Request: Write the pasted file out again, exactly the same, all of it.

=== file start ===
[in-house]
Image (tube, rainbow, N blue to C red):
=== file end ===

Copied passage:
[in-house]
Image (tube, rainbow, N blue to C red):